I have a soft spot for blank books. I love them. There’s just something about their perfect, blank pages, just waiting to filled with the scribblings of a few story ideas, some poetry, or just the ramblings of how someone’s day progressed. Whenever, I see a blank book on a bookstore shelf, I have to fight the urge to pick it up and take it home. It’s a bit of an addiction I’ve developed.
The very first blank book I ever purchased and took home was a hardbound blank journal in blue, with an odd argyle/paisley design on the cover. It was a gift to myself when I turned 21 and the first entry in that journal was written right after my birthday celebration, where I chronicled the fact that my then S.O. had decided to make an idiotic joke and that my supposed best friend at the time was spending her time insulting me behind my back. It’s a permanent record of how badly that day went, one that can never be revised or changed. There are a lot of those moments in that book: what happened in late October of 1997, of being fired from work, of hearing how that so-called best friend of mine talked about me behind my back. But there’s one that stands out in my mind, one that when I revisit, it absolutely shocks me.
That moment was in June of 1997, when I mentioned that I had wanted to attend BotCon that year. However, permanently etched into the page in blue ballpoint ink is my mother’s reaction. Namely, that if I went to the convention, she would make my life “a living hell”.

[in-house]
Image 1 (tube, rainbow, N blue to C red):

I was over 18 at the time. In fact, I was over 21. I was an adult. There really wasn’t a lot my mother could do to prevent me from going. Yet, there I was, even as an adult, willing and able to allow my mother to exert an inordinate amount of control over me and my life.
I read that passage now and I shake my head. I wonder why I didn’t say anything, why I didn’t tell my mother that she couldn’t stop me from spending my own money and taking a trip if I so desired. I wonder why I was willing to allow her to rule over me as though I were a small child but I also realize this: at the time, I had no idea that what she was doing to me wasn’t normal. The things that happened in my house were actually abusive. It’s taken me a long time to realize this, understand it and slowly come to terms with it and that’s a journey that I’m still taking, even now.
I still have that journal. I filled the last page in 1998. I have its successor–finally completed in 2014–as well, along with a newer one that I am slowly filling with my hopes, thoughts and dreams. And I still have a few blank books in my bedroom, waiting for their turn to be filled with my ideas. Only now, the stories that I tell are much, much happier.